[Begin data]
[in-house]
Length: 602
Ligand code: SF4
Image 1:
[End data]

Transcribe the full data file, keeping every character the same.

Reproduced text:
[in-house]
Length: 602
Ligand code: SF4
Image 1: